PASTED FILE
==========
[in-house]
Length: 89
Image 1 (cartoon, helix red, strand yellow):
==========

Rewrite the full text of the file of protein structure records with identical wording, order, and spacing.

[in-house]
Length: 89
Image 1 (cartoon, helix red, strand yellow):